Monday, February 20, 2012

Thoughts on underground storage

20 Feb 2012: Thoughts on commercialising domestic solar earth charging
   As you can read from this blog, this house is already well better than carbon zero, and the feed in tariff gives me zero energy bills for the next 23 years. So you could say to that, that I don't actually 'need' to do this proposed work with the Kingspan tubes.

However, this is research and development… thinking about the future… 
   My hunch is that potential customers would not want the burden of a large hand built 3 cubic meter sun box on their wall. They might be more easily persuaded if a neat 2 or 4 sqm of evacuated tubes would do it just as well, especially if it can be installed in just a couple of days, as an economical add-on to a GSHP installation.  We need a couple of summers and winters with these installed to find out for real (I know that it can be computer modelled, but is this really proof?). If we are to have a display at Ecobuild in a few years time, the Tubes method would look more convincing. Kingspan Renewables have a stand at the coming event in March 2012, and I would like this to appear one day.

Borehole thoughts
If there is ever any hope of solar charging, the first decision is to have a borehole, not a horizontal loop. There are abundant reasons why a borehole is better than a horizontal, even if we do not consider charging - if a customer has enough land to park a horse on, e.g. a paddock, then do horizontal. But for most urban dwellers, the vertical option avoids the risks associated with undersized horizontal loops. It is quick to drill, minimal spoil, is unaffected by seasons and it can be thermally recharged.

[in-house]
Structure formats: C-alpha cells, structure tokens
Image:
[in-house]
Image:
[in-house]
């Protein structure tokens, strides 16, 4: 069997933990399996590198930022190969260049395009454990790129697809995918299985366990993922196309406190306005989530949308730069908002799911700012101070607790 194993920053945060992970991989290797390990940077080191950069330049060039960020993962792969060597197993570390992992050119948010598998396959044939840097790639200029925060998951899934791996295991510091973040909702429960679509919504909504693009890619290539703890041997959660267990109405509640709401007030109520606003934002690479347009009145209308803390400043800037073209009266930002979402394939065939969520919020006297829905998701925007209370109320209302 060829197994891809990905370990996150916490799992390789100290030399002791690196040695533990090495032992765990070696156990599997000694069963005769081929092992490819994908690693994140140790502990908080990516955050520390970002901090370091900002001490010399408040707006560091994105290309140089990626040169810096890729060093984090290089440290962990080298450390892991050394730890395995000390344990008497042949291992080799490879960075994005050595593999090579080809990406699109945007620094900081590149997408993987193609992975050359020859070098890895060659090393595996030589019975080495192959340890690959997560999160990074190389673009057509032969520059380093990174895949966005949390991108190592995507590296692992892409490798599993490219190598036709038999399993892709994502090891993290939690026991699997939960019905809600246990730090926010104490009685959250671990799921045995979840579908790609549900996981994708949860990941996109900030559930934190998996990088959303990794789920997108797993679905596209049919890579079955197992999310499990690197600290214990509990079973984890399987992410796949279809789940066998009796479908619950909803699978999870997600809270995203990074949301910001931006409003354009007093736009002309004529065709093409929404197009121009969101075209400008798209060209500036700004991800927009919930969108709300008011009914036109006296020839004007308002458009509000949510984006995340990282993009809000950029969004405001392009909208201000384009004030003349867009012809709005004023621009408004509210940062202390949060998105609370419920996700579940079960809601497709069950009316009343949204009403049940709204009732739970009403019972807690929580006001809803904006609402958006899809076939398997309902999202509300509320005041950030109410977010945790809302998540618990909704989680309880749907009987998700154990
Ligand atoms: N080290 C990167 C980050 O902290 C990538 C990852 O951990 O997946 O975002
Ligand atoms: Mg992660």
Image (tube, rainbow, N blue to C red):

What happens if it is the wrong sort of ground? As it is expensive to do a pre-drilling ground check, I would advocate that GSHP customers always tell their borehole drillers to drill the full depth required for a GSHP assuming that solar charging would not be fitted. This is the safe route, in case solar charging pump or panels ceased to work. It would be unwise to undersize the boreholes based on hope. I would advocate that they consider the option of a cluster of shallower holes, reducing the risk of hitting a bad layer, e.g. limestone caverns.
  THEN! if the drillers report that the soil has been good almost all the way down, the solar charging is an easy retrofit. Prior to this, one can consider the building design and identify the suitable location for the solar collector, and a suitable route for piping, and a location for thermostat, energy meter and pump. Then have the drilling done and hope that the soil is good enough for solar energy charging. If it is not, e.g., it has water bearing gravel layers, it does not need solar charging as the water will provide the required heat.

PS, writing this, i am (typically) procrastinating. I am meant to be doing a lecture on thermal storage for next friday, and I seem to be spending far too long on updating this blog!

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